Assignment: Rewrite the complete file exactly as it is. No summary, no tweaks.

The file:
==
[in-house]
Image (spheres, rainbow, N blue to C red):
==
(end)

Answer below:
[in-house]
Image (spheres, rainbow, N blue to C red):